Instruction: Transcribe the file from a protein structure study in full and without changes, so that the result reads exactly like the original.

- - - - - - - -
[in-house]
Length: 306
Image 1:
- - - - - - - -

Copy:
[in-house]
Length: 306
Image 1: